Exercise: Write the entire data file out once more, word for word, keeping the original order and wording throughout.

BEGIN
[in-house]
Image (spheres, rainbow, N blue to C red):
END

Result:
[in-house]
Image (spheres, rainbow, N blue to C red):